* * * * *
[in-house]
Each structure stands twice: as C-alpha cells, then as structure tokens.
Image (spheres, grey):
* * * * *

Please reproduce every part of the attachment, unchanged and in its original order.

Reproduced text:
[in-house]
Each structure stands twice: as C-alpha cells, then as structure tokens.
Image (spheres, grey):